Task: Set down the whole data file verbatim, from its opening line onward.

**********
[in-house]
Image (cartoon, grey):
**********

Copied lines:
[in-house]
Image (cartoon, grey):